Electrically driven singlet-triplet transition in triangulene spin-1 chains

2022. 09. 23. 10:15
BME building F, seminar room of the Dept. of Theoretical Physics
László Oroszlány (ELTE)
In stark contrast to one-dimensional spin-1/2 systems, spin-1 models, as conjectured by Haldane, have a characteristic gap in their excitation spectrum. Localized to the edges of finite spin-1 chains, topologically protected spin-1/2 edge modes appear, endowing the system with a fourfold degenerate ground state. This degenerate subspace might be used to implement a singlet-triplet spin-qubit. However, manufacturing low-dimensional spin-1 systems is notoriously difficult. Typically many such chains are synthesized in organometallic compounds, involving heavy elements. In these systems inter-chain interactions and spin-orbit coupling are non-negligible, thus complicating the picture. Recently, graphene triangulene chains have been synthesized and their magnetic response has been analyzed[1], which can be considered true realizations of one-dimensional spin-1 chains.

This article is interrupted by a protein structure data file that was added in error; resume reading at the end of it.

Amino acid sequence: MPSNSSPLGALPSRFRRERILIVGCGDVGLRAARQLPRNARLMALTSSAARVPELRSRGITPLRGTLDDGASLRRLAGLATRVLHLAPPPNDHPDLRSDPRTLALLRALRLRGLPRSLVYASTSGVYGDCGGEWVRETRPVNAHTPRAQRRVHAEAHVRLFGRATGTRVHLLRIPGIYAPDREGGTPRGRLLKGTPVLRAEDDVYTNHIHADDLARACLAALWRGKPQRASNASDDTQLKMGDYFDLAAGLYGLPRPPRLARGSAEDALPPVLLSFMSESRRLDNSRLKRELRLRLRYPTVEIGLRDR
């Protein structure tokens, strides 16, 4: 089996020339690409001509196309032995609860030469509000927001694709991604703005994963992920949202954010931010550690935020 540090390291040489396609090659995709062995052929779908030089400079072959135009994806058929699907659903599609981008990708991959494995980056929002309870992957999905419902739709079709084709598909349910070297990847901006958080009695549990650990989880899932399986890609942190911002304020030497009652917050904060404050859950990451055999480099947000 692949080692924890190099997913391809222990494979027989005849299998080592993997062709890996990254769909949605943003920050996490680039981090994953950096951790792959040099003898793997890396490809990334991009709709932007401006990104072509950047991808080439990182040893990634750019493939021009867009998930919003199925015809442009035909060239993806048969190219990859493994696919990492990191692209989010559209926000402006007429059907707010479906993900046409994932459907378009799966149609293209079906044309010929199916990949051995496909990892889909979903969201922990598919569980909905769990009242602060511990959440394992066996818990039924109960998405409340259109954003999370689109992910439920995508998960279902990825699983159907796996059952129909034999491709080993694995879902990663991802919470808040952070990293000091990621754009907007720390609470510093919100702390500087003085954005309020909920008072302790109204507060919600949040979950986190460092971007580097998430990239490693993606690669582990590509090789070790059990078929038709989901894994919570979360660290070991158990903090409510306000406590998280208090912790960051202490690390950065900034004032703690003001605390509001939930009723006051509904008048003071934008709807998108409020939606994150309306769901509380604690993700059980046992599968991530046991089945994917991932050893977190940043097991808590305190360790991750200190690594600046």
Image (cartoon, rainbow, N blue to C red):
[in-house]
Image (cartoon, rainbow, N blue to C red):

We determined [2] the exchange bilinear and biquadratic constants of the triangulene chains by calculating two-spin rotations in the spirit of the magnetic force theorem. We then analyzed open ended chains with an odd number of triangulenes, whose edge states pair up forming a triplet ground state. We proposed three experimental approaches to trigger and control a singlet-triplet spin transition. Two of these methods are based on applying mechanical distortion to the chain. We finally showed that the transition can be controlled efficiently by the application of an electric field. 
[1]:  Mishra et al, Nature 598, 287 (2021)
[2]:  G Martínez-Carracedo, L Oroszlány, A García-Fuente, L Szunyogh, J Ferrer, arXiv:2207.13683 (2022)